Perhaps your company’s branding strategy is YOU. - Brittains Accountants & Advisors

You can become famous through luck. But becoming known and a trusted a personal brand requires consistent work over many months, and perhaps even years.

Personal branding
strategy is simply a fact of business life these days. In fact, as traditional
PR and advertising becomes less relevant (who is seeing these ads any more?), I
could argue that increasingly, the personal brand IS the company brand, especially
in smaller companies.

Branding strategy is
about creating an emotional connection to your product or service. It’s a lot
easier building a connection to a person compared to an ad or a piece of
company content.

Personal branding
will undeniably have a more important role in marketing strategy because it can
create a permanent and sustainable competitive advantage based on emotion.
There is only one you. That can be a legitimate point of business
differentiation!


For the love of Jeni

Here’s an example of
how a personal brand can become an integral component of a corporate branding
strategy.

Ice cream is
basically a commodity. You can tweak the ingredients and the flavors but there
are only so many ways to make and sell ice cream, right?

How is Jeni’s Splendid Ice Creams breaking from the pack to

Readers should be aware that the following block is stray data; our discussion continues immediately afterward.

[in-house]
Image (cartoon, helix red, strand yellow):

become one of the fastest-growing retailers in America? Because people love the
company’s founder, Jeni Britton Bauer.

They love her
never-say-die founder’s story, passion, commitment to the environment, and
honest business partnerships. The love of a real person like Jeni turns the act
of buying ice cream into an act of devotion.

Of course she
creates a delicious product. But lots of companies do that. Compare the growth
opportunity for Jeni’s stores with Baskin Robbins (also yummy and expensive by
the way) — the largest ice cream retailer on the planet. How do you grow Baskin
Robbins? More ads that nobody sees? More flavours? Lower your price? Tweak the
logo?

Jeni is growing her
company through love.
That can’t be copied by competitors. Who do you love at Baskin Robbins?

To a large extent, Jeni is the brand.


 

The time is now

This is a
historically important trend — and one that is overlooked by much of the
corporate world — because it could only be happening now.

I started out in
business more than 30 years ago, pre-internet days! Back then, how would I
become known? How would it even be possible for a nobody like me to build a
personal brand?

Back then, becoming
“known” was in the hands of a gatekeeper like a newspaper or trade journal
editor, or perhaps an executive in the publishing industry.

But today, the
opportunity to become known in your industry is up to you. Everybody has the
opportunity to publish content and be heard, to build an audience and establish
the presence, reputation, and authority to have a meaningful competitive
advantage.

The advantage goes
to those with the vision and tenacity to do build that personal brand.


Advantage: Small businesses

For the most part,
large companies can’t take advantage of this trend. I can only think of a
handful of examples where the emotional tie to a company is based primarily on
the devotion to an individual — Oprah, Elon Musk, and Richard Branson come to
mind.

However, it’s so